Borderlands is the debut novel from
Since its release, I’ve heard impressive reports about this book, and must admit that I’m a latecomer to McGilloway’s work. I opened up to the first chapter, hoping that I wouldn’t be disappointed. Let me come back to that. Ooooh, the tension.
The first thing I want to talk about is the packaging of the novel. I was very lucky to have picked up a signed first edition hardback at the super-cool No Alibis bookshop in
Now back to the content. In the opening chapters, McGilloway paints a strong sense of place and circumstance. Inspector Ben Devlin arrives on the scene of a young girl’s murder. Angela Cashell, daughter of a local hood is found dead on the Borderlands. Because the family resides in Lifford, the Gardai take the case and so begins a nightmare set of circumstances for Ben Devlin to battle through. Another murder, that at first seems unconnected, puts pressure on the Gardai to wrap up the case and prove their competence. But the more they dig, the more the further from the truth they get, until Devlin uncovers a link in the form of a prostitute presumed dead twenty-five years before.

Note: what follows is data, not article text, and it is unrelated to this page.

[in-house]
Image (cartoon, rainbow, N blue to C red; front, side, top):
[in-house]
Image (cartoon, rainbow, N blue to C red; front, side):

Although the book jumps right in with great setting and interesting plot, I felt like I didn’t get a real feel for Inspector Devlin in those initial chapters. But as the story unfolded and through his thoughts and actions, he became a fully-formed and complex protagonist. No major flaws, apart from a slight lack of restraint emotionally and physically, but you know, that’s kind of original in itself, isn’t it? I am looking forward to getting to know the man a lot better in the coming instalments. Gallows Lane, the debut, was released on the 4th of April and I’m itching to get up to No Alibis and hopefully get a copy left over from his signing.
Borderlands is further proof that us Norn Irish writers have talent to burn. The rest of the world should take note!